Re: Consumer products RE: Value of basic computer science qualification?

Subject: Re: Consumer products RE: Value of basic computer science qualification?
From: "Joey P" <joeyp2008 -at- gmail -dot- com>
To: "McLauchlan, Kevin" <Kevin -dot- McLauchlan -at- safenet-inc -dot- com>
Date: Sat, 19 Jul 2008 11:47:08 +0800

On Fri, Jul 18, 2008 at 11:26 PM, McLauchlan, Kevin <
Kevin -dot- McLauchlan -at- safenet-inc -dot- com> wrote:

> Joey P said:
> > I'm currently mostly documenting consumer hardware, with occasional
> bits
> > of software.

> Might one ask what sorts of products you document? Is it for one
> company or do you freelance or contract within an industry?

I'm in Taiwan (list members may remember me from a pre-Gmail incarnation). I
do cellphones, notebook computers, wireless routers, digital photoframes,
that kind of thing. The company I'm working for gets contracts with various
OEMs/ODMs here, who themselves produce stuff for big brand names.

> Do you find that you have to live near the employer?

Depends how far you're willing to commute! Most of the people I know doing
this here do it as a full-time office job. It's good to be able to walk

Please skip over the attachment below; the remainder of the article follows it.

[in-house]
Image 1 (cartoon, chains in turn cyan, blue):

across the office and talk to the project managers directly.

> My impression is that consumer stuff often tends to have illustrations.
> Are those created for you, on a timely basis, or do you find yourself
> (like me) creating your own.

They're done for me. I don't know any tech writers here who do their own
illustrations. Maybe some of the non-native-English-speaking writers do. But
it's not cost-effective to pay a westerner a higher wage for doing something
that a local could do just as well.

> Do you report to technical people (Engineering or QA), or to Marketing
> folk?
> I find that my ability to get stuff technically accurate and complete is
> enhanced by the fact that I'm part of Engineering, but I sometimes get
> complaints/wishes after-the-fact regarding how features and products are
> portrayed (the slant or the emphasis)... from product manglement and
> marketing folk who didn't have time to review and comment on my stuff
> when I was working to the Engineering and QA release timelines...

Mostly engineering, sometime before the marketing stuff kicks in. However, I
do know a couple of people working for actual brand name companies here, and
they're under the marketing umbrella.

> What are your project turnaround times like?
> Do you do a lot of incremental revising of earlier documents to account
> for relatively slight changes due to new models, or is there a lot of
> fresh-start research and writing to do?

A bit of both. We get quite a few updates/refreshes to do, which are not
very challenging. But there are also some completely new products, which are
far more involving to document. I do do a bit of software documentation too.
I did a big manual for an IP surveillance device monitoring system. I have
to get to know products and produce first drafts of manuals quite
quickly--often in a week or less. After that, it depends. Projects can